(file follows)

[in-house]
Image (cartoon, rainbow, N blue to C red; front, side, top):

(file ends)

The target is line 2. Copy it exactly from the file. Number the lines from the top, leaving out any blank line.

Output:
Image (cartoon, rainbow, N blue to C red; front, side, top):